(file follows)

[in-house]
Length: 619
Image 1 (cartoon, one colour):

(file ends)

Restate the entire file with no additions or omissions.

[in-house]
Length: 619
Image 1 (cartoon, one colour):